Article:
When I started this project, I made clear to Kypsel that I wasn’t interested in doing “Dracula versus Frankenstein in Oz.” I wanted to be more clever. I wanted to keep the characterizations accurate, even in unexpected interactions. And I found out real fast that the reason a lot of crossovers don’t go back to the sources is that it’s way harder! Haha… Don Quixote, in particular, is a damn long novel.

So, challenge and reward were two sides of the same coin here. Research took much, much longer than for previous projects — going through all these books, revising ideas to fit what I found, keeping details consistent, etc. But the time put in definitely led to better material. I’m way more juiced about the story-as-reshaped-by-research than I am about the more loosely-defined scenario I started with.

Let me stress, too… we’re not expecting anybody who picks up this comic to have a deep, or even passing, knowledge of the books we’re playing with. So, there are little recaps at the beginning which will quickly catch you up on the relevant details. I’ve done the homework so nobody else has to! We’ve got an irreverent take, but we didn’t cheat, all right?

BD: As noted, all installments of the series will be released through Kypsel, a new content platform with an innovative sales model. What encouraged you to work with Kypsel, especially since this is the first release for the platform?

TP: One of Kypsel’s founders, Victor Schoucair, is an old friend. He reached out one day, saying his new company was interested in getting into comics and asking if I could be a consultant. After a few meetings, they wound up liking what they were hearing from me so much, they realized that me making comics for them, too, would be a no-brainer. So, we batted some ideas around… and the rest is history.

Being the first in anything is exciting, of course — and doubly so in this case, since Kypsel has a sales model I really haven’t seen anywhere else. Basically, any reader can become part of our street team. If you like Clash of the Classics so much that you want friends to read it, too, now you can actually sell it to them and get a percentage.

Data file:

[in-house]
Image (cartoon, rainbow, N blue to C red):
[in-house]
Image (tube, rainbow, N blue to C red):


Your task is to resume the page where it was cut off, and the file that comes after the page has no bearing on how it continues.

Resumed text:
What I like about this is it restores to digital media some of the fun of collecting analog comics. You know, sharing your favorites with friends, feeling like you own something you can share… all that stuff is part of the experience again.

BD: Are there any other upcoming projects on which you are currently working that you would like to share with our readers?

TP: Nikos and I have started work on our next project. It’s longer than anything we’ve done so far. I’m so confident in it, in fact, that I was crazy enough to go ahead and write all the scripts already. Nikos will be starting on it soon.

Beyond that, I won’t say too much more. When you’re toiling away, it’s very easy to get ahead of yourself and talk about a project too early. When supply chain delays and paper shortages affected Andy Xenon‘s release, too, I found out how lame it is to make updates to readers where all you can say is “Don’t worry, it’s still coming!” So, we’re keeping mum until the time’s right. But it’s coming, for sure.

BD: Lastly, what is the best way for our readers to find more information about Don Quixote Fights the War of the Worlds and your other work?

TP: The comic is available at Kypsel right this very moment. Only a few clicks and you’ll be knee-deep in the carnage.

My newsletter, the Chuk Chronicles, is the place to go next. It’s the first place I announced Clash of the Classics, it’s where I’ll announce this next project with Nikos first, and any project I’ve got coming in the future will be first announced there, too. I’ve got a lot of other projects in the works, as well, so if you want to be ahead of the curve, sign up there.

Barbra Dillon, Fanbase Press Editor-in-Chief